索曼博士之一.D. students is Anna-Blessing Merife, 谁 helps faculty at SUNY Upstate print 3D microfluidic devices for eye and bone tissue. (Microfluidics deals with fluid mechanics, often at volumes thousands of times smaller than a common droplet.) “The field has major implications for drug development, disease modeling and personalized medicine,” says the aspiring professor. “Thanks to BioInspired, I’m achieving my career goals.”
Soman is taking microfluidics to the marketplace with his company, 的3 d微流体, which he founded with former student Zheng Xiong G’21. The company’s technology provides applications in multiple areas, including fundamental cell biology, 药物筛选, 细胞治疗, toxicity testing and regenerative medicine. 微流控芯片, which simulate organ function at the micro and nano levels, also are on the horizon.
Working with Professor Soman allows me to do what I’m good at—be an engineer and solve problems. He inspires me to explore the unknown.圣扎迦利Geffert, Ph值.D. 的学生 生物工程
此外, Soman’s interest in 3D ceramic printing has led to a partnership with the Wright-Patterson Air Force Base in Ohio, where he was a 2022 summer faculty fellow. While not as easy to shape as metals and plastics, ceramic materials are known for their unique properties. “Ceramics are perfect for portable electronic devices because they’re durable and heat resistant,索曼说, 谁 works alongside Geffert. “They also offer excellent electrical insulation.”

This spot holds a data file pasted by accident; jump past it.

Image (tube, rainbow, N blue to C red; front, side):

Adds Geffert: “Working with Professor Soman allows me to do what I’m good at—be an engineer and solve problems. He inspires me to explore the unknown.”
这样的年代oman, Santangelo draws on BioInspired’s collaborative ethos to fast-track novel ideas. Some have garnered generous support from the National Science Foundation (NSF), National 研究院 of Health and Department of Defense.
One of his projects involves colleagues from 凤凰彩票官网, the 大学 of Pennsylvania and the 大学 of Colorado Boulder. The NSF-backed team is using soft, malleable materials to create a robotic bed. “Turning a patient in bed is one of the most dangerous jobs in a hospital,”Santangelo说, noting that nursing staff injuries, 像扭伤, 菌株和泪水, 花费了你.S. 医疗保健 industry about $9 billion a year. “We’re designing a surface that can dynamically change shape, allowing patients to be easily repositioned.”
That’s what Santangelo likes about his job—working with equations that are immutable. “The beauty of being a theorist is that it’s always the same math, 相同的几何, 相同的物理. I just apply the principles differently,”他说. “I use a surprising amount of high school geometry.”
微分几何, the study of smooth shapes and spaces, figures prominently in his foray into flexible electronics. Think ultrathin wearable devices; artificial skin and muscles; and soft, deformable robots. Surprisingly, flexible electronics are not too far afield from centuries-old mechanical computing.
We’re designing a surface that can dynamically change shape, allowing patients to be easily repositioned.—Professor Chris Santangelo
“Some of these concepts—like simple logic, which is at heart of mechanical computing systems—are making a comeback in soft materials,索曼说, referring to matter that’s easily deformed by thermal stresses and fluctuations. “For instance, a body temperature sensor is nothing more than a simple computer. It doesn’t need technically sophisticated chips and software. Why consume large amounts of power and put chemicals in your body when you don’t have to?”
Santangelo and Soman agree that it’s not enough to make easy-to-use products. Responsible engineering entails minimal risk to human health and the environment. “We’re always thinking about the balance between economic growth, environmental protection and social responsibility,”索曼总结道. “Smart, multi-functional materials depend on rich collaboration. The more interdisciplinary we are, the better we can tackle today’s challenges.”